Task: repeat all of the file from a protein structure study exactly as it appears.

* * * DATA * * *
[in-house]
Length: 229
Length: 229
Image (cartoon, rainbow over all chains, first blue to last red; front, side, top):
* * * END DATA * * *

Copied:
[in-house]
Length: 229
Length: 229
Image (cartoon, rainbow over all chains, first blue to last red; front, side, top):